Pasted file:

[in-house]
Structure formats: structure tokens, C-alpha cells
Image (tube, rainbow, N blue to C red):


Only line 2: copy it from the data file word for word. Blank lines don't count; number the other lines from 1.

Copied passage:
Structure formats: structure tokens, C-alpha cells